If you know anything about cannabis, you have probably heard of sativa and indica strains. But did you know that there is also a third variety of the plant? Cannabis ruderalis is a lesser-known cousin of these more popular strains. It is not something you are likely to find in your local dispensary.
However, if you are a fan of hybrids or love to grow marijuana, you may have encountered cannabis ruderalis without even knowing it. It is an unfamiliar plant with extremely low THC content. However, it possesses some unique benefits which have made it popular with breeders across the globe.
What Is Cannabis Ruderalis?
There is disagreement within the scientific world regarding whether cannabis sativa, indica, and ruderalis are separate species or three subspecies of the same plant. Either way, cannabis ruderalis is distinct from its more recognizable relatives for several reasons.
Cannabis ruderalis is a weed in every sense of the word.
The name ruderalis comes from the Latin word rudus, meaning ‘rubble.’ Plants with ‘ruderalis’ in their names tend to grow in the wild regardless of human activity or other disturbances to their habitats. This means that cannabis ruderalis is a weed in every sense of the word. It is easy to imagine this plant growing untamed on rocky wastelands or even alongside a busy highway.
Cannabis ruderalis was first classified by a botanist named Janischevsky in 1924. It was discovered far later than its sativa and indica counterparts. The precise origin of the plant is unclear. However, it possibly evolved from cultivated hemp plants, which ‘escaped’ and spread across the land over time.
It is thought to be native to the vast Siberian region of Russia. However, ruderalis is probably descended from the landrace strains of Central Asia and you can also find it in Asia and Europe. There are also reports of the plant growing in parts of North America.
The Origin of Cannabis Ruderalis
The term ruderalis stems from the root word ruderal. In the plant world, a ruderal species is one that grows in spite of its environment being inhabited by humans or being otherwise affected by naturally occurring disturbances to the area. Many believe ruderalis to be a descendant of indica genetics that adjusted to the harsh climates and the shorter growing seasons of the northern regions where it originates. Cannabis ruderalis is native to areas in Asia, Central/Eastern Europe, and specifically Russia, where botanists used the term “ruderalis” to classify the breeds of hemp plant that had escaped from human and cultivation, adapting to the extreme environments found in these climates.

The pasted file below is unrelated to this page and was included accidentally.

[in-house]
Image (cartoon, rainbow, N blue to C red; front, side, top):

Originally, cannabis ruderalis was considered a wild breed of cannabis. However, in recent years it has been brought indoors to influence new hybrid varieties.
Properties of Cannabis Ruderalis
Cannabis ruderalis is a short and stalky plant, especially when compared to its sativa and indica counterparts. It typically sits between 1 and 2.5 feet tall at harvest, with a rugged and shaggy growth pattern that produces wide leaflets that express themselves in a light green hue. The buds from the ruderalis plant tend to be small but still relatively chunky, and are supported by the sturdy, thick stems.